Good news is, I found a more recent resource over on SSC. Bad news is some new ideas have, in fact, been floated since 2010 that I hadn’t anticipated (surprise, surprise). Here they are (and remember, whether they’re likely to happen doesn’t matter to me):
The Oedo line (E) extension to the Musashino Line (JM) has been rerouted so it connects to the Seibu Ikebukuro Line (SI) at Oizumi Gakuen. [Turns out they meant Oizumi Gakuen the neighborhood not Oizumi Gakuen the station. Duh.]
- Through running between Tsukuba Express (TX) and the new, as-yet-unnamed subway line (D) connecting Tokyo Station with Odaiba.
- Tama Monorail (TT; maybe split into T1 and T2 a la Chiba Monorail) extensions to Itsukaichi and Koremasa.
- Marunouchi Line (M) extension from Honancho “westward,” whatever that means.
- Passenger service (JB) along Shinkin freight line between Shin-Koiwa to Kanamachi.
- Passenger service (JE) along Etchujima freight line between Etchujima and Kameido.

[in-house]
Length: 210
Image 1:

- Musashino Line (JM) extension along the South Musashino freight branch between Fuchu Hommachi and Tsurumi, and thence from Tsurumi along Keihin freight line (JZ) to Haneda Airport.
- The Omiya East-West LRT (EW) runs to Urawa Misono instead of Saitama Stadium.
- Keihin freight line (JZ) swallows Nambu branch line (JN) to Shitte; terminus changed from Shitte to Kawasaki.
- Through service between Tokyu Toyoko Line (TY) and Tamagawa Line (TM).
Fortunately, this map is bigger and more spacious than the last one, so I have a bit of breathing room. But that doesn’t mean an already frustrating project didn’t just get more difficult…
Inspired by CalUrbanist’s extensive & impressive work on what the LA Metro might eventually look like, here’s a really early taste of the crayon map I have brewing for Southern California. The current farthest-out plans for the Crenshaw line have it run from Hollywood to Torrance; here it’s extended from Torrance through Long Beach all the way to Anaheim, because that’s a financially justifiable endeavor, oh yes. Some station names and line colors are tentative; connections with Red & Yellow Cars not shown.
Font is Calluna Sans, because I can’t afford FF Scala Sans. Yet.
I posted this here because I’m about to start work on the redesigned Tokyo map and it looks like it’s gonna take a while, so here’s something to hold you over till that’s done.
The Inkscape standard font YuMincho is really close to the Chinese font used on the actual MTR, but interacts oddly with fonts using the Roman alphabet and doesn’t have the appropriate character for the “Kai” in Kai Tak, all of which proved massively entertaining for monolingual Anglophone yours truly.